The following is an edited excerpt from comments filed by NCTA–The Internet & Television Association in response to the Federal Trade Commission’s request for input on competition and consumer protection in the 21st Century in advance of a series of hearings beginning this fall.
NCTA welcomes the FTC’s comprehensive review of the dynamic communications industry — the first undertaking of its kind since 2007, when the FTC issued its Broadband Connectivity and Competition Policy Report. Eleven years ago, that report concluded that burgeoning competition and innovation in the rapidly evolving internet marketplace warranted a cautious approach to broadband regulation and, in the absence of demonstrable consumer harm, a reliance on market forces to produce the best results for the American public.
That view was correct then and is even more demonstrably so today.
For instance, in 2007, the iPhone was introduced and revolutionized how and when Americans access the internet; today, 83% of Americans access the internet on mobile devices (over licensed Commercial Mobile Radio Services, or CMRS, networks and via extensive WiFi networks) and, as the nation transitions to next-generation 5G networks, the number of mobile internet users (and mobile-only internet users) will continue to increase. In 2007, Netflix had just introduced its streaming service after spending the first decade of its existence as a DVD and VHS rental company; today, Netflix has over 57 million streaming subscribers in the United States (more than twice as many subscribers as any other video distributor) and a total of about 130 million subscribers around the world. In 2007, Google was continuing to develop its digital advertising business, while Facebook was a bit player; today, the two companies together have a dominant share of sales in the digital advertising marketplace, and account for a huge majority of the growth of that market in 2017, with no other competitor cracking even 5%.
FAANGs Bearing Power
The total market capitalization of the five largest internet platform providers (Facebook, Apple Amazon, Google and Netflix) stands today at a staggering $3.48 trillion; by comparison, the combined market capitalization of the five largest internet-service providers by subscriber count is only one-fifth of that figure, or $703 billion.
Indeed, since the birth of the internet, an astounding number of competitive, communications platforms have emerged — none of which has ever been subject to intrusive forms of prophylactic regulation.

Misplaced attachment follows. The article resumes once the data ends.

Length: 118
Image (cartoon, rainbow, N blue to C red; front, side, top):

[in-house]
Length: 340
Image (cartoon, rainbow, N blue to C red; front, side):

It is against this backdrop that the FTC should undertake its re-examination of the communications marketplace — a remarkably dynamic arena warranting a holistic approach to regulatory policy and enforcement. At a minimum, there is plainly no reasonable basis in today’s marketplace for singling out ISPs for unique regulatory burdens. To the contrary, recent experience suggests that large internet platform providers pose a greater risk to Internet openness and consumer privacy than ISPs. Any such risks can best be addressed through a combination of market forces and an evenhanded application of the FTC’s well-established authority to pursue case-by-case enforcement where necessary to prevent deceptive or unfair business practices or anticompetitive conduct.
The FTC appropriately asks how best to “harmoniz[e]” oversight of the internet ecosystem at the federal and state levels. NCTA believes this is a vitally important task to ensure that businesses within the internet ecosystem can operate with certainty while consumers are able to enjoy clear and consistent protections on net neutrality, privacy, data security, and other related matters nationwide. The FTC should ensure that the internet is subject to uniform, consistent federal regulations, including by issuing guidance explicitly setting forth that inconsistent state and local requirements are pre-empted. It is critical that the FTC maintain this understanding and ensure that state enforcement agencies exercise their competition and consumer protection authority only in a manner that does not conflict with specific requirements under federal law or broader federal policy objectives in the broadband context.
While states are not altogether prohibited from taking enforcement action against ISPs under state laws prohibiting unfair practices and fraud, they must do so consistent with controlling federal law and policy governing the broadband marketplace. State-by-state regimes threaten to upset efforts to establish a uniform federal regulatory scheme and can wreak havoc on businesses across the internet ecosystem.
States Should Follow Precedent
The FTC should issue guidance to state attorneys general and consumer-protection agencies reaffirming they are bound by FCC and FTC precedent in this arena.
The need for a uniform national framework extends to privacy and data security protections for online data as well. Balkanized privacy regulation that differs from state to state would only confuse consumers.
For example, California’s recently enacted California Consumer Privacy Act of 2018 imposes numerous requirements that differ from, and even conflict with, federal law. Moreover, a patchwork of state-level rules applying only to BIAS providers would undercut existing federal policy basing enforcement on what information is collected and how it is used, rather than on who is collecting the information. Any FTC guidance to state entities on the need to ensure consistency with FTC and FCC policy and precedent in the internet arena thus should cover privacy and data protection issues as well.